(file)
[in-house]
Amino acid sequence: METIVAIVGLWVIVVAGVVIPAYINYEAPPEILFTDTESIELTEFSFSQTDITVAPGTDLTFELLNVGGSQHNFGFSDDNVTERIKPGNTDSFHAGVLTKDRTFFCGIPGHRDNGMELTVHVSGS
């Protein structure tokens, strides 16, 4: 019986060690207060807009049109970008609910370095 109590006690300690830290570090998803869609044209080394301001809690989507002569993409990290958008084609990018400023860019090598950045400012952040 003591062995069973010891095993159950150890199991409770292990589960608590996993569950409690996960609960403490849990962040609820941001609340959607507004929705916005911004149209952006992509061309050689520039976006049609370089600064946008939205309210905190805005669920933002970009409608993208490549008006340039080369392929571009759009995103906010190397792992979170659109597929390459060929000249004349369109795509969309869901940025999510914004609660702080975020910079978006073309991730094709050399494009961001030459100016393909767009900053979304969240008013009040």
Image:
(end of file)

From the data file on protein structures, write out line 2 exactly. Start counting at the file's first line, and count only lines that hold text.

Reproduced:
Amino acid sequence: METIVAIVGLWVIVVAGVVIPAYINYEAPPEILFTDTESIELTEFSFSQTDITVAPGTDLTFELLNVGGSQHNFGFSDDNVTERIKPGNTDSFHAGVLTKDRTFFCGIPGHRDNGMELTVHVSGS